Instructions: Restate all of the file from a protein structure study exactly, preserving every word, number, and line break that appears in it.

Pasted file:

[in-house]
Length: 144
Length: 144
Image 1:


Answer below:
[in-house]
Length: 144
Length: 144
Image 1: